I like the macro version. Why? Because you can also check (in the macro) which type of indexing is used. That is, one could call the macro with a single index, range indexing, an array of indices, …

Then I was thinking; why specify the symbol and the indexing as two arguments? There’s the @view macro, which you can also use as @view x[1:3]. I didn’t look up how it is implemented but wanted to come up with my own solution (as an exercise), and it works!

macro ntplaccess(expr)

    sym = expr.args[1] # the symbol
    idx = expr.args[2] # the index, or the indexing expression

    if typeof(idx) <: Int
        # single index
        return :($(esc(sym))[$idx])

    else
        # range, array, tuple
        elements = []

        if idx.head == :call && idx.args[1] == :(:)
            # range
            for i in (idx.args[2]:idx.args[3])
                push!(elements, :($(esc(sym))[$i]))
            end

        elseif idx.head == :tuple || idx.head == :vect
            # tuple or array
            for i in idx.args
                push!(elements, :($(esc(sym))[$i]))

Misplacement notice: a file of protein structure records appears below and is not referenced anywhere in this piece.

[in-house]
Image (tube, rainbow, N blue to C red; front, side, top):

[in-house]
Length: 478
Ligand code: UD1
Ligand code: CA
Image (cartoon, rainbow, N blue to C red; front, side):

end
        end

        return :( ($(elements...),) )
    end

end

# can do...
f(y) = @ntplaccess y[1]
f(y) = @ntplaccess y[[3,5]]
f(y) = @ntplaccess y[(1,4,7)]
f(y) = @ntplaccess y[1:4]
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#8

I would not worry too much about enclosing (from, to) indices in value types, since I would expect that these constructs would always (or at least most of the time) be used in larger functions, with possibly variable data, but always the same indices.

Say you define f4 in the same way as above:

f4(x, from, to) = ntuple(i -> x[i + from - 1], to - from + 1)

Of course a top-level call is not type stable:

julia> @code_warntype f4(x, 1, 4)
Body::Tuple{Vararg{UInt8,N} where N}
[...]

But as soon as you enclose it in a larger function, if indices arguments are constant (as is the case above and in all examples in this thread so far), then constant propagation simplifies everything, and you’re type-stable again:

julia> big_function(x) = f4(x, 1, 4);
julia> @code_warntype big_function(x)
Body::NTuple{4,UInt8}
[...]

From there, regular compiler optimizations further simplify the code and essentially remove all forms of integer operations for indices so that what you get in the end mostly performs as good as the by-hand tuple construction:

julia> @btime big_function($x)
  0.024 ns (0 allocations: 0 bytes)
(0x01, 0x02, 0x03, 0x04)

julia> by_hand(x) = (x[1], x[2], x[3], x[4]);
julia> @btime by_hand($x)
  0.025 ns (0 allocations: 0 bytes)
(0x01, 0x02, 0x03, 0x04)
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#9